Confident that the robbery and murder was not the work of local talent the Chicago police were communicated with, and they are now on the lookout for two men suspected of the job. The identity of the two suspects has not been made known by the police other than that they have a record for jewelry store robberies such as was enacted here and it is highly possible that they knew something about the local job if they did not participate in it themselves.
"We are working on a dozen different clues" said Chief of Detectives Smith last night, "and with the aid of the Pinkerton men I believe we can land our men. We are dealing with some of the cleverest criminals in the country, men who do not hesitate to kill if necessary, and nothing will beleft undone in an effort to take them into custody".
$2,00o Reward Offered
A reward of $2,000 has been offered for the capture of the two murderers. The Jewelers' Security Alliance of Chicago and New York, which carried the insurance on the Thomson scok, yesterday afternoon offered a reward of $1,000 for the capture of the two men. Early yesterday morning Mayor Ellis, lacting on behalf of the city, placed a similar amount on the heads of the two robbers.
With so large a reward already offered, and the possibility of an increase if the murder is not solved within the next few days, many private detective agencies have taken up the trail. The police departments in every city within 100 miles of Grand Rapids have been asked to co-operate.
Townsend Holding Own
The condition of Paul Townsend, the sole survivor of the three men in the store at the time the robbers entered, is holding his own at Butterworth hospital, but the seriousness of the wound in his neck makes the chances for his recovery but slight. The attending physicians, however, say he has a chance to recover.
Until an inventory of the stock in the Thomson store is taken today, the amount taken by the robbers will not be known. Yesterday it was determined that 12 one-fourth karet diamonds ----, in addition to several larger ---- were missing, ----------Mr. Thomson is unable to state what the loss will be. It may not exceed $2,000, while it may reach $5,000 and possibly higher.
The Pinkerton operatives are anxious to get a description of the stolen property before the robbers have an opportunity of disposing of it, although they think there is little chance of recovering it unless the thieves are captured. Mr. Vaeth of the Pinkerton agency stated last night that the recoveries from robberies of a nature similar to that here do not average more than 1 percent for silverware and that diamonds do not average much higher.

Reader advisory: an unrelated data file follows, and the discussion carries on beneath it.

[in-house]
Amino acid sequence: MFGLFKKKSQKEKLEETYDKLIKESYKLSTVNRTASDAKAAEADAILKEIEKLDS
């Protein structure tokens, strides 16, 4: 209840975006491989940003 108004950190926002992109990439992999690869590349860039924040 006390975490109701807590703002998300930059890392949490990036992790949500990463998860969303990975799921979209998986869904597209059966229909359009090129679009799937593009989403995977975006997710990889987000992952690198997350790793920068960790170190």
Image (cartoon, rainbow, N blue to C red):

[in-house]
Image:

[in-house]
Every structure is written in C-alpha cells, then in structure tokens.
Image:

One of the greatest handicaps under which the police are working is the inability to get two descriptions of the robbers which correspond. Nearly everyone who claims to have seen them describe them in a different manner.
The police are depending greatly upon the descriptions furnished by Julius Lafonza, night foreman and Frank Akers, employes of the Albee livery barn. The two men were standing in front of the livery barn on Crescent avenue when the robbers ran out of Kent alley and turned east on Crescent and ran to Bond avenue where they turned south.
Drayman Saw Auto
Jack Miller, a drayman, told a story yesterday which strengthens the belief of the police that the robbers had a waiting automobile. Millers say the two men ran past him on Bond avenue, went up t o a machine which stood by the curb just off Lyon street and jumping in, yelled to the driver to "get away in a hurry". Miller says the door to the rear of the auto was standing open, and as the two men jumped in, the machine jumped foreward and was soon lost to sight.
Suspect at Carp Lake
Trainmen at Petoskey last night reported a suspicious man, whose description tallies with one of the two robbers, passed through Petoskey on a north bound G. R. & I. train, No. 3 arriving there early yesterday morning. The man occupied the dining car all the way from this city, but was plainly nervous and could not eat the food he had ordered. At Carp , 28miles north of Petoskey, he leaped from the train as soon as it stopped and ran into the woods, looking behind him in a frightened manner. He appeared to be headed for the Michigan Central road. Carp Lake is one of the smallest villages in Emmet county, and the authorities there are investigating.